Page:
Jennifer Barry, Assistant Professor of Religion, has published an article titled “Receptions of Exile: Athanasius of Alexandria’s legacy,” in the collected volume Clerical Exile in Late Antiquity edited by Julia Hillner, Joerg Ulrich and Jakob Engberg. This article is the result of a pre-arranged collaborative project held at the International Patristic Society Conference held at Oxford University, U.K. (July 2015). Barry’s contribution stems from her larger work on clerical exile in late antiquity.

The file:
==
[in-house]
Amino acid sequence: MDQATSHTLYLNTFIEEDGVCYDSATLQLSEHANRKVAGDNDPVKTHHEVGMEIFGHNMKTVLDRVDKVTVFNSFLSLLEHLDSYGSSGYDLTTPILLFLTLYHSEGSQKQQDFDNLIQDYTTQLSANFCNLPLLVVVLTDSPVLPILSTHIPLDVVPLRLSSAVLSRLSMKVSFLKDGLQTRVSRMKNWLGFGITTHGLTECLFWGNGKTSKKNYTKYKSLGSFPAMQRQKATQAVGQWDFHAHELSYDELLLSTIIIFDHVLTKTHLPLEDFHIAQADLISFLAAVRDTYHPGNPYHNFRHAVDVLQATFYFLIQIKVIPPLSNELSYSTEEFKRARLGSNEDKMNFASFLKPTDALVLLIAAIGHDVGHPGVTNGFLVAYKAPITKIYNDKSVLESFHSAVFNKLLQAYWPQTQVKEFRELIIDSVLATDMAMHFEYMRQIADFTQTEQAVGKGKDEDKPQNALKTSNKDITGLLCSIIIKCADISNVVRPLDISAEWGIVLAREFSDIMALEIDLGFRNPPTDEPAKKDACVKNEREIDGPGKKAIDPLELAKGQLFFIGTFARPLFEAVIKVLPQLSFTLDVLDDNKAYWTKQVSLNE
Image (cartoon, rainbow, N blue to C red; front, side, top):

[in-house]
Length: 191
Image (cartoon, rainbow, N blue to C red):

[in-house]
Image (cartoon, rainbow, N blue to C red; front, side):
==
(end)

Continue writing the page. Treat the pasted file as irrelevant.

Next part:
This chapter examines how the stories of Athanasius of Alexandria’s many exiles became a popular literary schema that circulated within pro-Nicene Christian literature during the late fourth and early fifth centuries. I argue that Athanasius’s identity as a triumphant exile quickly became the standard by which subsequent episcopal exiles were measured. Indeed, by the time the Johanite controversy of the fifth century takes shape in and around Constantinople, Athanasius the exile is invoked to bolster support for John Chrysostom’s tarnished reputation as a failed exile. John’s earliest biographers, Ps.-Martyrius and Palladius of Helenopolis, insist that those who question their hero’s orthodoxy are no better than those heretical enemies of the great Athanasius.